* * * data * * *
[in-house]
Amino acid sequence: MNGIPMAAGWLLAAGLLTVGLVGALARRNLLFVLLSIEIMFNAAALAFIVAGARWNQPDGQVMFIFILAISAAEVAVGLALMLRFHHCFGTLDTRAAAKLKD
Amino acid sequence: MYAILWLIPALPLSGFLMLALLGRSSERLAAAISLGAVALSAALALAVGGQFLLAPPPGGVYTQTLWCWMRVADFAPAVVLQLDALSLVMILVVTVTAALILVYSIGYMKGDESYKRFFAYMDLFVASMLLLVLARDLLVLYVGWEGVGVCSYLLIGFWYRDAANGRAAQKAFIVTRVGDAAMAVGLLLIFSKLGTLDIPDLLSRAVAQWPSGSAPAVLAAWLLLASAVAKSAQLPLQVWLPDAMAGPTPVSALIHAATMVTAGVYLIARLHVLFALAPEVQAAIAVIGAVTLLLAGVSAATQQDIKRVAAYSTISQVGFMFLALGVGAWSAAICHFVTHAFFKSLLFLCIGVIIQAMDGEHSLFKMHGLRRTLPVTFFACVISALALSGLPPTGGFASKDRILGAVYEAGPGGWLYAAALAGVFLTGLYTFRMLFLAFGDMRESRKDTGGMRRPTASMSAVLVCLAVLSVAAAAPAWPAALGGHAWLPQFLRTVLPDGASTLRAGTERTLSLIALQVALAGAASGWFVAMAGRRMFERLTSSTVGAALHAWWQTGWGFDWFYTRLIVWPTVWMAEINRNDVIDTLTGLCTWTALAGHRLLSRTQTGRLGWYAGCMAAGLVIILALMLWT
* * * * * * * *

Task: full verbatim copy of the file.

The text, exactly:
[in-house]
Amino acid sequence: MNGIPMAAGWLLAAGLLTVGLVGALARRNLLFVLLSIEIMFNAAALAFIVAGARWNQPDGQVMFIFILAISAAEVAVGLALMLRFHHCFGTLDTRAAAKLKD
Amino acid sequence: MYAILWLIPALPLSGFLMLALLGRSSERLAAAISLGAVALSAALALAVGGQFLLAPPPGGVYTQTLWCWMRVADFAPAVVLQLDALSLVMILVVTVTAALILVYSIGYMKGDESYKRFFAYMDLFVASMLLLVLARDLLVLYVGWEGVGVCSYLLIGFWYRDAANGRAAQKAFIVTRVGDAAMAVGLLLIFSKLGTLDIPDLLSRAVAQWPSGSAPAVLAAWLLLASAVAKSAQLPLQVWLPDAMAGPTPVSALIHAATMVTAGVYLIARLHVLFALAPEVQAAIAVIGAVTLLLAGVSAATQQDIKRVAAYSTISQVGFMFLALGVGAWSAAICHFVTHAFFKSLLFLCIGVIIQAMDGEHSLFKMHGLRRTLPVTFFACVISALALSGLPPTGGFASKDRILGAVYEAGPGGWLYAAALAGVFLTGLYTFRMLFLAFGDMRESRKDTGGMRRPTASMSAVLVCLAVLSVAAAAPAWPAALGGHAWLPQFLRTVLPDGASTLRAGTERTLSLIALQVALAGAASGWFVAMAGRRMFERLTSSTVGAALHAWWQTGWGFDWFYTRLIVWPTVWMAEINRNDVIDTLTGLCTWTALAGHRLLSRTQTGRLGWYAGCMAAGLVIILALMLWT